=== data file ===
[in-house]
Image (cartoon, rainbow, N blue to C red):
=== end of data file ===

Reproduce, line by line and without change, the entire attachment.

[in-house]
Image (cartoon, rainbow, N blue to C red):